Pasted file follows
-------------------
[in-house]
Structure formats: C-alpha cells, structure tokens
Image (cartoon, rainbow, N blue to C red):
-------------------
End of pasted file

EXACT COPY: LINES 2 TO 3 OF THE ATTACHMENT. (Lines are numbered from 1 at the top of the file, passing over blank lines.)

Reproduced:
Structure formats: C-alpha cells, structure tokens
Image (cartoon, rainbow, N blue to C red):